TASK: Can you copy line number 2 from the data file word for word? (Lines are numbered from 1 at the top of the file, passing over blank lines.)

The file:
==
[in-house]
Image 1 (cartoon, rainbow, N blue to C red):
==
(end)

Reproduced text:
Image 1 (cartoon, rainbow, N blue to C red):